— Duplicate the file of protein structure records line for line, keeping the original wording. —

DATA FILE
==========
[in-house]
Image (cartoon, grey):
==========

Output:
[in-house]
Image (cartoon, grey):